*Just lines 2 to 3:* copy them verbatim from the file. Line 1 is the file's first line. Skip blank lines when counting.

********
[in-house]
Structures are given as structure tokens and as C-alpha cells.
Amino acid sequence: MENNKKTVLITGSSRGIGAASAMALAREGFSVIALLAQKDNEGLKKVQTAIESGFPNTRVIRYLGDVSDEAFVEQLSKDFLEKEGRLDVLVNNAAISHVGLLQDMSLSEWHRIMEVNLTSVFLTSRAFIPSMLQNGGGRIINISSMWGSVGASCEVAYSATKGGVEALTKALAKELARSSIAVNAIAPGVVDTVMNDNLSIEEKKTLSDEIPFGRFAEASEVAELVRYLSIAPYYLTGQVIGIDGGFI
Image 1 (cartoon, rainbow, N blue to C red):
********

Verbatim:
Structures are given as structure tokens and as C-alpha cells.
Amino acid sequence: MENNKKTVLITGSSRGIGAASAMALAREGFSVIALLAQKDNEGLKKVQTAIESGFPNTRVIRYLGDVSDEAFVEQLSKDFLEKEGRLDVLVNNAAISHVGLLQDMSLSEWHRIMEVNLTSVFLTSRAFIPSMLQNGGGRIINISSMWGSVGASCEVAYSATKGGVEALTKALAKELARSSIAVNAIAPGVVDTVMNDNLSIEEKKTLSDEIPFGRFAEASEVAELVRYLSIAPYYLTGQVIGIDGGFI